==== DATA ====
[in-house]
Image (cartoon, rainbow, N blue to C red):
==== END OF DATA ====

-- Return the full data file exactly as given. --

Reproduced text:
[in-house]
Image (cartoon, rainbow, N blue to C red):